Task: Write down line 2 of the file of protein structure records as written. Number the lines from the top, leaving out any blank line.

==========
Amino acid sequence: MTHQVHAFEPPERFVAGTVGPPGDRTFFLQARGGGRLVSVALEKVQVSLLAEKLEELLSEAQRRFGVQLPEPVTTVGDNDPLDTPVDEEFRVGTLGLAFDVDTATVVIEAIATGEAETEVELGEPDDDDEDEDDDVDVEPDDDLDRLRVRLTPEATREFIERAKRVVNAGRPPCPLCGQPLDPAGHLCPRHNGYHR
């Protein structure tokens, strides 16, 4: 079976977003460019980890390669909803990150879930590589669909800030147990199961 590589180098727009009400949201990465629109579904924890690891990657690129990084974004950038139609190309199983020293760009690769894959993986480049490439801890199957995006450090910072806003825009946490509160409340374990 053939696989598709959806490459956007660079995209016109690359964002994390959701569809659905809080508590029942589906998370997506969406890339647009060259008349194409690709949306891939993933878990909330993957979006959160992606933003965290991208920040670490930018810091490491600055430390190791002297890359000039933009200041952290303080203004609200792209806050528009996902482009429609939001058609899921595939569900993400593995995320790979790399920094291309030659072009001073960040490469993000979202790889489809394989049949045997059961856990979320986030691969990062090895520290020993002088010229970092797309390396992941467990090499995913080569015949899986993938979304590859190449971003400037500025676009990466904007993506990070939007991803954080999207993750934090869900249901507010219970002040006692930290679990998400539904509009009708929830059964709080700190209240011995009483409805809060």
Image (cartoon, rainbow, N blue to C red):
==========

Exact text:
């Protein structure tokens, strides 16, 4: 079976977003460019980890390669909803990150879930590589669909800030147990199961 590589180098727009009400949201990465629109579904924890690891990657690129990084974004950038139609190309199983020293760009690769894959993986480049490439801890199957995006450090910072806003825009946490509160409340374990 053939696989598709959806490459956007660079995209016109690359964002994390959701569809659905809080508590029942589906998370997506969406890339647009060259008349194409690709949306891939993933878990909330993957979006959160992606933003965290991208920040670490930018810091490491600055430390190791002297890359000039933009200041952290303080203004609200792209806050528009996902482009429609939001058609899921595939569900993400593995995320790979790399920094291309030659072009001073960040490469993000979202790889489809394989049949045997059961856990979320986030691969990062090895520290020993002088010229970092797309390396992941467990090499995913080569015949899986993938979304590859190449971003400037500025676009990466904007993506990070939007991803954080999207993750934090869900249901507010219970002040006692930290679990998400539904509009009708929830059964709080700190209240011995009483409805809060």